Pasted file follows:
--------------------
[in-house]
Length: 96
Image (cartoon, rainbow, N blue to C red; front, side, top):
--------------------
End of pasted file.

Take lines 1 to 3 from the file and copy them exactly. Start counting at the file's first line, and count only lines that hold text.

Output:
[in-house]
Length: 96
Image (cartoon, rainbow, N blue to C red; front, side, top):